Medication incidents are a significant problem for all health systems in the world [1–3]. Drug interactions are one cause of medication incidents. In a Danish study of 26 337 elderly patients, 4.4% received drug combinations carrying a risk of severe interactions . In a recent prospective study in the United Kingdom, drug interactions accounted for 16.6% of adverse drug reactions causing hospitalization . Wide implementation of computerized prescribing and dispensing with clinical decision support systems is recognized as a priority to reduce medication incidents [3, 6]. However, several studies have shown that there is a considerable and potentially clinically important variability in the performance of dispensing and prescribing computer programs in detecting drug interactions [7–9]. Drug interaction compendia can be used to populate clinical decision support systems. There has not been any comprehensive assessment of the validity of the severity classification used in the international drug interaction compendia. This study aimed to assess the consistency of four leading international drug interaction compendia for the inclusion and the severity grading of major drug interactions.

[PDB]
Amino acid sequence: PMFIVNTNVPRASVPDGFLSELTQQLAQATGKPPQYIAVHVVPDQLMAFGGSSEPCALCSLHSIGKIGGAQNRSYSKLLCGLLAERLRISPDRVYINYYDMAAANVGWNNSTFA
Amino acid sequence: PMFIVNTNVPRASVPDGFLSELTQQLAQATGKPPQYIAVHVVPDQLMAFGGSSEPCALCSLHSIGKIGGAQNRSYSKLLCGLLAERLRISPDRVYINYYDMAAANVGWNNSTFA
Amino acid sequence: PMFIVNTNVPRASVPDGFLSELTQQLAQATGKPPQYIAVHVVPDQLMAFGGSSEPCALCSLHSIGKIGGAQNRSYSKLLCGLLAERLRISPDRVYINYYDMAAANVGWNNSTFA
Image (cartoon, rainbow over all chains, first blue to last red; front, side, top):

Four international drug interaction compendia were compared: the drug interactions appendix of the British National Formulary (BNF, update September 2003) , the interaction supplement in the French drug compendium Vidal (update 2003) , and two US drug interaction compendia, Drug Interaction Facts (DIF, update January 2003)  and the Micromedex (Drug-Reax) program (updates 2003) . These compendia were selected because they are commonly used by health professionals to obtain information on drug interactions in countries where they are published. The Vidal interaction supplement was edited and reviewed by an expert committee at the French drug agency. The BNF is a joint publication of the British Medical Association and the Royal Pharmaceutical Society of Great Britain. It is the most highly regarded source of drug information in the United Kingdom. DIF and Micromedex are among the compendia most commonly used to identify drug interactions in the United States. These resources are also commonly used by drug information services internationally.